You and a friend are pulling a box across a floor. However, each of you is pulling at a different angle. A diagram of your efforts looks like this:

Each of these forces is a vector. Can you determine the net force you and your friend are applying to the box? To find the net result of the effort, you need to add the vectors for each of the forces. By the end of this Concept, you'll be able to accomplish this.

### Watch This

Vector Addition: head-to-tail method

### Guidance

The sum of two or more vectors is called the **resultant** of the vectors. There are two methods we can use to find the resultant: the parallelogram method and the triangle method.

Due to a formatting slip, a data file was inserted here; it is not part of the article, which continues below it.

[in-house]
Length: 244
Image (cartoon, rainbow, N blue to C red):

*The Parallelogram Method:* Another method we could use is the parallelogram method. To use the parallelogram method, we draw the vectors so that their initial points meet. Then, we draw in lines to form a parallelogram. The resultant is the diagonal from the initial point to the opposite vertex of the parallelogram. *It is important to note that we cannot use the parallelogram method to find the sum of a vector and itself*.

To find the sum of the resultant vector, we would again use a ruler and a protractor to find the magnitude and direction.

If you look closely, you’ll notice that the parallelogram method is really a version of the triangle or tip-to-tail method. If you look at the top portion of the figure above, you can see that one side of our parallelogram is really vector \begin{align*}b\end{align*} translated.